Kamara v. Beard and a Player to Be Named Later (Sort of)
This might not have played widely in Portland, but Kei Kamara really wants to win MLS Cup. How do we know? Tchani had a moment of (arguably) red-card-able poor judgment and his biggest threat in the moment was Kamara. As it turns out, Kamara has just missed winning MLS Cup with multiple MLS clubs (something I hadn’t put together till listening to his spot on ExtraTime Radio), so he’s a little amped up for this one. And he’s a very, very capable contributor. He’s damn good in the air for one, where Portland is good, but not outstanding. Columbus also has a lot of ways of getting him the ball - e.g. early crosses, getting behind the outside backs, or even just getting in that inside channel, and sliding the ball across: Kamara has capitalized on some version of all of those all season long. For what it’s worth, I like the idea of Ridgewell covering Kamara (even though he combined to allow this goal in the September win); Paparatto, at least I feel, just isn’t as good in the air, and that’s mostly down to alertness and minor issues with ball-watching. Nat Borchers…I think he’s tasked with seek-and-destroy and I’m good with that. The point is, Portland should do what they gotta: they just need to understand just how much Kamara wants this. That and how good he’s been all year.

Atomic Subs
Cedric Mabwati is scary; this clip shows why (or, actually, the several seconds toward the end of that). So is Melano, if more as a sub than otherwise, at least in my view (again, see clip). Just something to keep in the back of your heads as the time ticks down on the game for either team. Thar be game-changers on the bench...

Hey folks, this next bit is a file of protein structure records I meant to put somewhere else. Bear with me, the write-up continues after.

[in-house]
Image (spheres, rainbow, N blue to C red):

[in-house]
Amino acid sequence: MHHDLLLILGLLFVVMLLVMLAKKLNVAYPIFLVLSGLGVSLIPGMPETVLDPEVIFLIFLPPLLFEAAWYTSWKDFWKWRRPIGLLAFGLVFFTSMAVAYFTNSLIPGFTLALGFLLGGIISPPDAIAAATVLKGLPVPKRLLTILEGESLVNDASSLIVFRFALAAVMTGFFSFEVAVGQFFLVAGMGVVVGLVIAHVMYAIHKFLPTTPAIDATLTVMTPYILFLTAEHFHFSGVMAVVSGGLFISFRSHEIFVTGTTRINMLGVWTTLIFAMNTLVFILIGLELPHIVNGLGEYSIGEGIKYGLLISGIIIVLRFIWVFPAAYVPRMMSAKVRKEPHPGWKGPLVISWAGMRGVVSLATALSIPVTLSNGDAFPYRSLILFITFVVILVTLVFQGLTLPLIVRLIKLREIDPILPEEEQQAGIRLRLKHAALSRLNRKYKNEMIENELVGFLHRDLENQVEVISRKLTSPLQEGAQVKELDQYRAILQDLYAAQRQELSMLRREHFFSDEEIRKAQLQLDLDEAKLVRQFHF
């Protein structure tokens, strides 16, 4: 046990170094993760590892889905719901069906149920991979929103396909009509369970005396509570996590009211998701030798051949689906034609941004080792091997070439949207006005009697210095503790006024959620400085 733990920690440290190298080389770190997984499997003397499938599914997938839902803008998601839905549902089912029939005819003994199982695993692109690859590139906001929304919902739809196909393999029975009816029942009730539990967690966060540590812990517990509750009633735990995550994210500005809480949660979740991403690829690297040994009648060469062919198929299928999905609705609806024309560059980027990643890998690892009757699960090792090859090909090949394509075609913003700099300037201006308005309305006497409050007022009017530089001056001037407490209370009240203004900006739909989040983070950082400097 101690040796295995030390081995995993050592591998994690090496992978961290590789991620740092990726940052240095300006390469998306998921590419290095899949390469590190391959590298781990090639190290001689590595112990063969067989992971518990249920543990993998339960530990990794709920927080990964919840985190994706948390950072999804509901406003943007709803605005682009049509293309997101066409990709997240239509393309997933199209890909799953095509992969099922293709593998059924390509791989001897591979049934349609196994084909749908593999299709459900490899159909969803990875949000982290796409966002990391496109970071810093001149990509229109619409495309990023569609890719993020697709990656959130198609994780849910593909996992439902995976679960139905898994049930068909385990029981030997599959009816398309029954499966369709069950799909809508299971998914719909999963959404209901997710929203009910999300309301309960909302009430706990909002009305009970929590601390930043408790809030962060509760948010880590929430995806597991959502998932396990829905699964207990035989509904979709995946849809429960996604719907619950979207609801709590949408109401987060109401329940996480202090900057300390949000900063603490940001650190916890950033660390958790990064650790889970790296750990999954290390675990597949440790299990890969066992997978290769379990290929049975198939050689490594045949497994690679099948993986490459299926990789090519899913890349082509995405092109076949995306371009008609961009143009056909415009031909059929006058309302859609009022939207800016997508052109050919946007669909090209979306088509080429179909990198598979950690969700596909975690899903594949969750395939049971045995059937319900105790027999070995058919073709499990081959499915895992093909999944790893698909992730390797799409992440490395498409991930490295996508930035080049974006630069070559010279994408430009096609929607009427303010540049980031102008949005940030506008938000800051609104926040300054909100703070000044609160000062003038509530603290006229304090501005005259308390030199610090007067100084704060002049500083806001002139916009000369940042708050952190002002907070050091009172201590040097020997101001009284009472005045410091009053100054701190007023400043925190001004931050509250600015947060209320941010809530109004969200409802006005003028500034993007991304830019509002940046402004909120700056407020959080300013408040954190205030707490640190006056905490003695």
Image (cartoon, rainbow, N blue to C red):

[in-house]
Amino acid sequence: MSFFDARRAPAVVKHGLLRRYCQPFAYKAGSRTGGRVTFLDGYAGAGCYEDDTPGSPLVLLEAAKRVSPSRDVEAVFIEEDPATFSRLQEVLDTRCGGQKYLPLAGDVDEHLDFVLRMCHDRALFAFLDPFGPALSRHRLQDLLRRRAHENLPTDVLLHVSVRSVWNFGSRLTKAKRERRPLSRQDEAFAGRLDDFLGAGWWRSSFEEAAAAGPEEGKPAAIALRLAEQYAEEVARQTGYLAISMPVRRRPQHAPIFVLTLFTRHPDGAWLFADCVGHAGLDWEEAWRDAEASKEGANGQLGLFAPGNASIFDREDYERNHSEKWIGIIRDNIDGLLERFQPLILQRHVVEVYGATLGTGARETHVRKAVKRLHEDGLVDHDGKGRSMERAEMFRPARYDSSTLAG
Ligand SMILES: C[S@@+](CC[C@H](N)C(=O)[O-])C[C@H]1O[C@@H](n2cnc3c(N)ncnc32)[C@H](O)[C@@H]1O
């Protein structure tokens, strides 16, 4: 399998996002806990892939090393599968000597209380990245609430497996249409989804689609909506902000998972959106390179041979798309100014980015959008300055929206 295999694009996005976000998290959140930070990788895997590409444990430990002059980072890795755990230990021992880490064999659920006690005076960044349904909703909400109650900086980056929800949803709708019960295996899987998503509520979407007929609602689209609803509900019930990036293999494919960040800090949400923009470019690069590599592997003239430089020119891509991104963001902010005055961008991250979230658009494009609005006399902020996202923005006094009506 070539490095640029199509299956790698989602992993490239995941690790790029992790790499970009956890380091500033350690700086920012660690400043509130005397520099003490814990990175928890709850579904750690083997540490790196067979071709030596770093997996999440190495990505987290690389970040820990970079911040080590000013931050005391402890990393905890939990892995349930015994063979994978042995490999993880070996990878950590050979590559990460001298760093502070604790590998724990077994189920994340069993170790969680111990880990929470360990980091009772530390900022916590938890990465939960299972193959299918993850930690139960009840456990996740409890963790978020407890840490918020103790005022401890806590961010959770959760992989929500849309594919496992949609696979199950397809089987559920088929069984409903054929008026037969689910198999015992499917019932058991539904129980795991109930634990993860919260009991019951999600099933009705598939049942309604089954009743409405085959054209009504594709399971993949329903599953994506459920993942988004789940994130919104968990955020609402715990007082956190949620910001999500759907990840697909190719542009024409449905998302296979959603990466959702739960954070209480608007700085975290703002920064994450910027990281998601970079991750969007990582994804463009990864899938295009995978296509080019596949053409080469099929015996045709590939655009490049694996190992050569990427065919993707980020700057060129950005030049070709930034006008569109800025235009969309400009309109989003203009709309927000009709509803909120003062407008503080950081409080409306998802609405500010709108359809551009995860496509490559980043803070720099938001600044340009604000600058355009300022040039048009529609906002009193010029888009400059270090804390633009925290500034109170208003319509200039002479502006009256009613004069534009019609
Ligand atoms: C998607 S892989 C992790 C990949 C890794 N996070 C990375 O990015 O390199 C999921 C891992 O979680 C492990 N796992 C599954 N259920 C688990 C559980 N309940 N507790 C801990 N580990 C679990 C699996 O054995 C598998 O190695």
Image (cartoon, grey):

OK, that’s it. Portland’s screwed, right? Not really. No one’s dismissing them, certainly, and I’ve heard more than a few people even talk about them as narrow favorites. I pulled together all of the above mainly to cool the hot cockles, to prepare the Timbers fans who visit this site for a stressful (if stupidly early) afternoon. Columbus has weapons and, yes, I think they upgraded their defense in one key position, while also giving it more ways to defend.

For Portland, I think the game turns on the extent to which the team either, 1) manages the flanks, or 2) sees their central players pull the game inside. The more the Timbers can get this game central – particularly starting through the middle third of the field, and forcing Columbus to play toward Chara – the more control they’ll have over the game and its tempo. Big games from Nagbe and Valeri, both of whom have been playing really well, will go a long way to making this a reality. As implied in the first point, I do want them to come out cautious, then to gradually ratchet up the pressure. Ride out, say, the first 10 minutes, get a sense of where Columbus feels best playing – and do all this while looking to poach opportunities on the cheap to discount range. Portland has the defenders to do this, especially with the player who was, for me, the best defensive midfielder in MLS through 2015 (Chara, for those not tracking).

I don’t do predictions until closer to the game (when my gut speaks in a language I can understand), but I do think these teams match up at damn-near 50/50 – and that’s with Columbus at home. Am I nervous? No. But that’s probably because I haven’t thought a lot about it till now.